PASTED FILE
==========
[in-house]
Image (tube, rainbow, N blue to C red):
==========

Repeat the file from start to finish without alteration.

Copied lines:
[in-house]
Image (tube, rainbow, N blue to C red):